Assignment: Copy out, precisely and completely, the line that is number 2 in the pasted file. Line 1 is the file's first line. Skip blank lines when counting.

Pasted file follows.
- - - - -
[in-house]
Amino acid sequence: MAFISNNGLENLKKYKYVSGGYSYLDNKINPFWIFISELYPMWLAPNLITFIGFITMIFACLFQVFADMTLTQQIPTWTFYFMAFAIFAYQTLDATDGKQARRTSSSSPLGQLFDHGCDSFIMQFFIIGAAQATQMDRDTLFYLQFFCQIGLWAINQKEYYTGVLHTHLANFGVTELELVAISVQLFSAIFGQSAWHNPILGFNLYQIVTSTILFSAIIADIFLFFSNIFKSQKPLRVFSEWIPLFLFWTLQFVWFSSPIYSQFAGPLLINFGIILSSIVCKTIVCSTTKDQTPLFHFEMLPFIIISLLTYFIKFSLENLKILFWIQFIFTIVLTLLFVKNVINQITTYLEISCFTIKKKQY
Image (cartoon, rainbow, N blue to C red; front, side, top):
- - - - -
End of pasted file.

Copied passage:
Amino acid sequence: MAFISNNGLENLKKYKYVSGGYSYLDNKINPFWIFISELYPMWLAPNLITFIGFITMIFACLFQVFADMTLTQQIPTWTFYFMAFAIFAYQTLDATDGKQARRTSSSSPLGQLFDHGCDSFIMQFFIIGAAQATQMDRDTLFYLQFFCQIGLWAINQKEYYTGVLHTHLANFGVTELELVAISVQLFSAIFGQSAWHNPILGFNLYQIVTSTILFSAIIADIFLFFSNIFKSQKPLRVFSEWIPLFLFWTLQFVWFSSPIYSQFAGPLLINFGIILSSIVCKTIVCSTTKDQTPLFHFEMLPFIIISLLTYFIKFSLENLKILFWIQFIFTIVLTLLFVKNVINQITTYLEISCFTIKKKQY